Review Summary: The great journey forward.3 of 3 thought this review was well written
Although 1974’s Autobahn
was the moment when the critics and hipsters started taking true notice of the German pioneers’ undeniable innovation in modern music, its second follow-up album, Trans-Europe Express
, was when their artistic potential became matched with a genuine level of commercial accessibility. Still not the most accessible record in Krafty’s bag (see: The Man-Machine
(1978) and Computer World
was perhaps their first, nonetheless, not counting the brutally edited single mix of ‘Autobahn’. Either way it makes for a slightly less compelling, but arguably more instantly exciting, entry point to the vital groups’ work.
Beginning with a sprightly, repetitive synth line before a gurgled, steady dance beat kicks in behind sparse, speech-like vocal lines (mainly uttering the song title), ‘Europe Endless’ opens the disc on an accomplished, bright and classic note. The set takes a turn for the dark, with the more introverted and cynical offerings of its next two tracks – ‘The Hall of Mirrors’ and ‘Showroom Dummies’. The former-most starts with a jarring, blippy keyboard effect, which fluctuates and reoccurs throughout, behind a slightly eerie, horror-like beat and quietly melodic vocals, echoing the hook “even the greatest stars/discover themselves in the looking glass” - the section between “stars” and “in the looking glass” evolving into evermore cynical phrases each time the chorus returns. ‘Showroom Dummies’ is more of the same doomy dance goodness – slightly haunted synth flickers and pessimistic lyrics.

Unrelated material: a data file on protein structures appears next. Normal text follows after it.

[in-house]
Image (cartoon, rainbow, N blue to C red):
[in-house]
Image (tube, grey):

truly comes into its own upon side two, however, where its title-track blows electronic music into a whole new field of influential. While ‘Autobahn’ beats the aforementioned in age, ‘Trans-Europe Express’ fights back with a much more commercial and catchy slant. Its choppy rhythm evokes the moving parts of a railway train, while synths creep in - that iconic rising hook which drags out the highest note before collapsing; not to mention the second hooky electro effect – a gargled, nervy high-pitched keyboard whirl – one which found its way onto Afrika Bambaataa’s pioneering, 1982 hip-hop single ‘Planet Rock’, a single which influenced an entire new genre through its own influence of another.
The remainder of the cuts blend in with the title-track’s melody, presenting slight differences that sound more like progressed versions of the same song rather than separate entities, ultimately closing a disc which took the promise of earlier innovations to a new accessible peak, and influenced perhaps just as much because of it. As unlikely as the idea of a bunch of Kraut-rocking Germans - in nerd-chic suits, with their thick glasses and rigid, motoric beats - influencing the hip-hop, dance and synth-pop of the following decade is, the fact still remains: that’s what actually
happened. You can’t argue with the truth much in the same way you can’t argue with the sheer amount of influence this record – not to mention its 1977 release date, i.e. at punk’s peak – had on what came next in music. Post-punk, new wave, hip hop, techno, industrial… – they all owe a debt to this seminal work and so does any person who calls himself a serious fan of any of the aforementioned genres. That likely means you
in other words, so get your train ticket and take a journey to where it all came to life.